“Figure out the places you want to work. Fill out each application with great detail and go to each interview as if it’s the most important. Focus on each small step and most importantly keep moving forward no matter what responses you receive.” — Carl S.

4. Apply Widely

Maybe you have only been considering jobs in your area. If social anxiety makes you recoil at the idea of jumping into a new office environment, it might be a good idea to consider applying for a remote job. Expanding how you think about your job search can help you maximize your net and hopefully the number of responses you get in return.

“Apply apply apply! Jobs you think are farther than you want to work? Apply. Jobs that aren’t the exact job you want? Apply. Jobs you’re not quite sure if you’re qualified for? Apply. Even if you end up going on interviews for jobs that you get turned down for due to lack of experience or due to distance, it’s good practice for the interviews that really count. I also always find a way to subtly bring up my anxiety and give it a positive spin. Being a teacher, my anxiety really allows me to connect with students who struggle in school and allows me to be a role model. I will mention this when the right question comes up, and talk about it like it’s just a fact about me. Because it is a very important part of who I am!” — Lauren S.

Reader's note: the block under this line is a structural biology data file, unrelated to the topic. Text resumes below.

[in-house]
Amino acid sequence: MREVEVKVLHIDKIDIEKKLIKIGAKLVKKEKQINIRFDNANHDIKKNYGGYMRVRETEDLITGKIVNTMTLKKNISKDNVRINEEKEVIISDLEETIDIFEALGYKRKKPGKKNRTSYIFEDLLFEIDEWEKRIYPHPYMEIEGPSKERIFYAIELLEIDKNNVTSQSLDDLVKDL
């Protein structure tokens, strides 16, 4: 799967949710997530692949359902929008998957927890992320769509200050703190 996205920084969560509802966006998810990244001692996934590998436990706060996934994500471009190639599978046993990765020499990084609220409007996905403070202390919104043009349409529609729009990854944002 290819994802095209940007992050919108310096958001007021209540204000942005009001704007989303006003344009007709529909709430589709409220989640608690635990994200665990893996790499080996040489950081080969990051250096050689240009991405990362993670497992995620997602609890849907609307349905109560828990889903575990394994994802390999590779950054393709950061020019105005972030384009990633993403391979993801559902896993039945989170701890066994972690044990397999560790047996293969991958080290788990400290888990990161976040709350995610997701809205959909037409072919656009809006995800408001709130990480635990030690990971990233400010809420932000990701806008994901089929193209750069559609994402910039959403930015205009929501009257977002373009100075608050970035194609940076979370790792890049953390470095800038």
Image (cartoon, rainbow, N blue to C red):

5. Preparation Is Key

A great way to reduce anxiety about an interview or application is to think ahead. If you struggle with overthinking, recruit a friend to help you write a list or “action plan” of things to accomplish before your interview — and leave it at that. Try visiting the location of your interview in advance or picking out your outfit a few days before to lessen some of your worries.

“Have a plan. A week before the interview take a trip to the place where [it will be held] so you know how to get there without freaking out. Have a plan. You need to sell yourself at a interview, so practice and write down your good points. Also find out about the company before the interview so when these questions are asked, it’s easier for you to answer. It’s all about planning and feeling confident when you walk into that room.” — Mary W.

“I had a great teacher and she taught me how to prepare. She had me set up a resume binder. It contained my resume of course but also so much more. It had all of my certifications, letters of recommendation, skills and awards. There was even a tab for frequently asked interview questions.  It really helped because I knew that if I froze up, I could just refer to the binder.” — Becky B.

6. Practice Mindfulness

Mindfulness is a great skill for life in general, but when applying for jobs, people can be especially vulnerable to negative self-talk when they experience real or perceived rejection. Being able to notice a feeling without judgment and keep things in perspective can be really useful in a stressful job hunt.